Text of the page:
game: Contract Bridge (for two)

My wife and I have decided to play every board game/card game we own (including every game that we have an official set of rules for + the necessary equipment to play – close to 80 games), and blog about them together. Here’s one now:

Game: Contract Bridge (variation for two, “Draw Bridge”)
Overview: A trick-taking card game, intended for four players on two teams. One side attempts to fulfill a “contract” by taking a specified number of tricks; absurdly complicated scoring ensues.
Edition: Instructions from Play According to Hoyle: Hoyle’s Rules of Games, edited by Albert H. Morehead & Geoffrey Mott-Smith, 1946, re-published 1983. And a standard pack of playing cards.
Duration: About 75 minutes, plus an hour reading instructions, plus 45 minutes explaining the instructions. We only played one “rubber” (a set of “games,” which are in turn a set of hands); one would normally play more, over the course of many hours.

Winner’s Impression (Daniel)
Ugh. This game is crap. Basically, the only skill or strategy is card counting, which I find completely dull. If you spent the time figuring out how the odds work, the game would come down to mindless arithmetic. Which would be fine for a card game, except the scoring system is extremely complex for no apparent reason. A lot of consulting of charts is involved. With all that work and effort, I expect a game that is equally complex. Hoyle lists Whist, which is more-or-less the same thing with the scoring simplified and the “bidding” removed, as a variation of Bridge (although Whist is actually the older game); that might be a nice enough game. 3/10 (Bad).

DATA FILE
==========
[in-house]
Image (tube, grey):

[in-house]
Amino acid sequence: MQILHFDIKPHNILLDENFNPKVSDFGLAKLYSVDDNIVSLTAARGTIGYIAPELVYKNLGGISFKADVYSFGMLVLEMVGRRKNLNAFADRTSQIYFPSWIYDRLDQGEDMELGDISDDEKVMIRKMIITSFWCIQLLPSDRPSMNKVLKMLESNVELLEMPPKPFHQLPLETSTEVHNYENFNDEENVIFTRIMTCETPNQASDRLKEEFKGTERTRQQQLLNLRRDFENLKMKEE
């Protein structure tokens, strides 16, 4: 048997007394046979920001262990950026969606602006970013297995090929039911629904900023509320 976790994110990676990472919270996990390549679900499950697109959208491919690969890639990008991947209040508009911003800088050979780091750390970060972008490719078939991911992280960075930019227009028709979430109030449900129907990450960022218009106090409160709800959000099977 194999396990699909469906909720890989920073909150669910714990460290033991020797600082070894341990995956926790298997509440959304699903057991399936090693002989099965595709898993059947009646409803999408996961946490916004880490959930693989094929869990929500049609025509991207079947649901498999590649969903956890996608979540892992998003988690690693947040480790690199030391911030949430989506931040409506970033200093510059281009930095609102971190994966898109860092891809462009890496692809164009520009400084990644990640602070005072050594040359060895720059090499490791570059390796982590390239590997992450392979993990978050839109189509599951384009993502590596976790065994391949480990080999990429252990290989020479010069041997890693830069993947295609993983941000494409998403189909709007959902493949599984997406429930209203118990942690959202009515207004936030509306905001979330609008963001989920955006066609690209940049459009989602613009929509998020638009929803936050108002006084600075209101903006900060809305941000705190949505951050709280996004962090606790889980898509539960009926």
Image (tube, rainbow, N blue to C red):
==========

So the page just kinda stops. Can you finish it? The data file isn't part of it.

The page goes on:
Loser’s Impression (Lynn)
If this were the 1950s or 1960s, with nice dresses and suits and cocktails and bridge mix and four players and a lot of time to kill and a need for an excuse to catch up on each others’ lives, I can see how this would be an alright game. But for two players, it was a bit… meh. Too little game, too much excessive and arbitrary scoring. It was almost as if the scoring procedures had been developed and approved by Congress. I would try the game again in its four player version, but have no need to try it again as two players.

Addendum: We tried playing a quick game of Whist, adjusted for two players in the same fashion as Draw Bridge adjusts standard Contract Bridge. It’s a much less frustrating game, but still pretty dumb. Although, the fact that it is even possible to play “a quick game” says a lot for it, relative to Bridge. 4/10 (Eh). -Daniel, 11/21/10 (the next day)


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